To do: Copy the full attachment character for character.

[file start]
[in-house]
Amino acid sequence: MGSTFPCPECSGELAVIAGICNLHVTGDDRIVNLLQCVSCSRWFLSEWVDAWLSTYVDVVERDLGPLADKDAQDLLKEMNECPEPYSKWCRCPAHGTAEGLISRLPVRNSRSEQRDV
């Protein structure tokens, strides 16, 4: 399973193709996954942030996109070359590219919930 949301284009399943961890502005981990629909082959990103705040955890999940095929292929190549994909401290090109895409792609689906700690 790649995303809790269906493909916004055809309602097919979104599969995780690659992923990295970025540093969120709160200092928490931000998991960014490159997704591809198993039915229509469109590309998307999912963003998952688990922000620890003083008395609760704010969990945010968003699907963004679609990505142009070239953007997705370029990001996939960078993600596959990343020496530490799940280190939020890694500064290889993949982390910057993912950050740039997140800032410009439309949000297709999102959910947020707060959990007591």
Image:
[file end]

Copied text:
[in-house]
Amino acid sequence: MGSTFPCPECSGELAVIAGICNLHVTGDDRIVNLLQCVSCSRWFLSEWVDAWLSTYVDVVERDLGPLADKDAQDLLKEMNECPEPYSKWCRCPAHGTAEGLISRLPVRNSRSEQRDV
């Protein structure tokens, strides 16, 4: 399973193709996954942030996109070359590219919930 949301284009399943961890502005981990629909082959990103705040955890999940095929292929190549994909401290090109895409792609689906700690 790649995303809790269906493909916004055809309602097919979104599969995780690659992923990295970025540093969120709160200092928490931000998991960014490159997704591809198993039915229509469109590309998307999912963003998952688990922000620890003083008395609760704010969990945010968003699907963004679609990505142009070239953007997705370029990001996939960078993600596959990343020496530490799940280190939020890694500064290889993949982390910057993912950050740039997140800032410009439309949000297709999102959910947020707060959990007591």
Image: